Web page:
While the film’s Defcon 1 nerd alert blares ever so softly and constantly, A LEGO Brickumentary gets worrisome when it comes to that whole equality thing, by the fault of both the talking 99% white men in the film, but also the filmmakers themselves. A man and a woman are used to represent the alternative LEGO users out there, these two specifically bound by matrimony and their brick interests. Depressing, then, that the wife’s importance is relegated to being the man’s “1-by-5,” which is defined by the husband himself as the “rare hot girl in the LEGO community” – the company doesn’t make a 1-by-5 piece. (“I’ve got my 1-by-5,” he says.) To counter this, the filmmakers then introduce a middle-aged woman who makes grandiose LEGO displays. She might even be the best one in the game, but she does not come with the “1-by-5” fanfare. Instead, the inclusion of this multi-award-winning creator (who makes Rivendell from “Lord of the Rings” during this movie’s span) is simplified to what the late cartoonist Tim Negoda would call “The Girl” of the entire pack.
Nonetheless, the significance of a LEGO piece is indeed diverse, with this doc touching upon as many possibilities as it can. When it thinks out the toy box, some leads are pretty curious, like with artist Jan Vormann, who uses the colorful pieces to patch up small cracks in urban landscapes. Or, there’s the professor who wants to compute the possible configurations of five different LEGO pieces, which testifies to their creative possibility. There’s also the toy’s potential as a therapeutic activity, and the doctors who study autism that believe building LEGOs can provide a crucial teamwork exercise.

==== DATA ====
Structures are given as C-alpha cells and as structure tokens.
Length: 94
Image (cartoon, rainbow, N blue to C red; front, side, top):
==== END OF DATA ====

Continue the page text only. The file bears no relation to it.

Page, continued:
With all of their different stories, Davidson and Junge are able to cover enough territory to fill a feature length’s running time, but the final product lacks narrative organization. Twice the movie uses the “We’ll get back to that later” storytelling hook. It makes for multiple bookends and false climaxes, in which the story’s main framing device is constantly changed. What’s the main event here? Is it the creation of a life-size X-Wing LEGO model? The events of Brickcon? Or the three LEGO pieces in space that are mentioned in the beginning of the film, but not revealed until the very end? This could be the result of six listed editors for a project (along with two directors), or it might just be LEGO’s ideological greed getting the worst of this project.
Still, there is no problem greater for this documentary than a soulless existence. A LEGO Brickumentary must be karma, capitalism style, for the pure bliss we experienced watching, and re-watching, The LEGO Movie. Now, what is basically a company’s employee orientation video is able to get distribution from a major indie force (RADiUS-TWC, of the Weinstein Company), while taking up scant silver screen real estate from filmmakers of genuine independent expression. A LEGO Brickumentary has no business in theaters outside of LEGOland jurisdictions.
A LEGO Brickumentary hits limited theaters and VOD on Friday, July 31st.